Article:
Monday, Jan. 29, 1990 | 4:17 p.m.
BATON ROUGE, La. - The dramatics of this stage play weren't limited to one scene or a certain star.
From the second the ball was tossed up until Anderson Hunt hit the last bucket of the contest, the leading players and the supporting cast all had their moments on the stage.
Louisiana State's Chris Jackson tried to steal the show early on, while Shaquille O'Neal and Maurice Williamson were around for the grand finale as LSU knocked off fifth-ranked UNLV 107-105 Sunday afternoon before 14,072 in the Pete Maravich Assembly Center.
Those close to the Tigers' program claimed this was their best performance of the season. Jackson had 35 points, Williamson came home with 26 and O'Neal finished with 17 and 14 rebounds to barely offset a group of UNLV players who were always just off center stage.
Hunt knocked down 31 points, Larry Johnson managed 27 and David Butler finished with 22 as the Rebels fell to 14-4. LSU also has a 14-4 mark and should hold on to its No. 16 ranking after losing two in a row earlier this week.
"Talk about turning on the 'on' switch," LSU Coach Dale Brown said. "This was probably the hardest played game of the season for us. I think both teams played lights-out basketball. The Rebels played very, very hard. It reminded me of last year's game except it was better played.
"We couldn't contain Larry Johnson. What can you do against a guy so quick and big? I thought UNLV, despite all of the distractions, was ready to play. UNLV is a great team. They were not bothered by us or the crowd."
It was the second straight loss for UNLV at Pistol Pete's place. The Rebels were knocked off by one point last year on a last second shot by Ricky Blanton. But while that game had the one big emotional moment, this contest was filled with numerous highs for both teams.
The Rebels broke out to a 27-13 lead against a sketchy man defense by the Tigers. They switched into a 2-3 zone to try to control Johnson and remained in it the rest of the way. UNLV Coach Jerry Tarkanian decided to substitute at the 12-minute mark in order to give his guys some rest.
That move backfired. Greg Anthony was having his way with Jackson until Tarkanian decided to give him a rest. Johnson and Butler also grabbed a breather, but barely sat down before Jackson and Co. began to put on a 45-22 rally that had LSU up 58-49 at the half.
"Our lead disappeared so quickly, I couldn't believe it. Jackson just went crazy against Stacey (Cvijanovich). By the time I got Greg back in there, Jackson had found his rhythm. I don't think he missed a shot in the final 10 minutes of the half."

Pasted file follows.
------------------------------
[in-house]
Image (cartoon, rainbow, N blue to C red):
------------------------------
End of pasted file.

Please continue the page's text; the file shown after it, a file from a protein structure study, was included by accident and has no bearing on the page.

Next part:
Jackson finished with 26 points at the intermission by picking up a screen out front and shooting three-pointers all over it like he was only two feet from the rim. Anthony was picked off time after time. The Rebels were unable to switch in time and Jackson made them pay for it.
But in the second half, Tarkanian went to the amoeba-and-one with Anthony staying with Jackson and the other four guys playing a zone. The defense badly confused LSU during the opening minutes of the second half. By the time Brown called time out to make some adjustments UNLV was back within three with 18:41 left in the game.
From that point on, the game was a series of offensive runs that had the crowd going up and down like a nightmarish roller coaster ride. The Rebels had a 76-68 advantage by attacking the weak sections of the LSU zone.
Butler hit a series of baseline jumpers, while Hunt knocked down a pair of threes. But it wasn't enough. The Tigers came back thanks to role players Wayne Sims, Randy Devall and Vernel Singleton.
Jackson then tied it up (79-79) with a three from the corner and Williamson popped in back-to-back threes to give LSU an 85-79 advantage it would never relinquish. UNLV pressed its way to within two (101-99), but clutch free throws down the stretch by Jackson, Devall and Williamson kept the Rebels from getting any closer.
"We watched about five game films," Tarkanian said, "and the only guy we were worried about on the perimeter was Jackson. Williamson's shots looked like bricks. Then he comes out and hits four three-pointers against us. We always bring the best out in everybody."
LSU hit a solid 53 percent from the field and 10 of 20 three-pointers. The Rebels made 45 percent of their shots and 14 of 33 three-pointers. Hunt led the way for UNLV with 9 of 14 from beyond the three-point stripe.
"I thought we played a good game today," Hunt said. "LSU played real well and they got the ball to bounce their way. I thought the team with the last spurt would win it. We didn't expect Williamson to hurt us like he did. But that's the way it is with us. We bring out career games from everybody."
And 'everybody' was the key word in this scenario. Both starting fives, and the substitutes off the bench, had an active role in the outcome. This time LSU was two better than UNLV.
"Hopefully next time we'll be two better than them," Hunt concluded. "We always like a second shot against teams who beat us."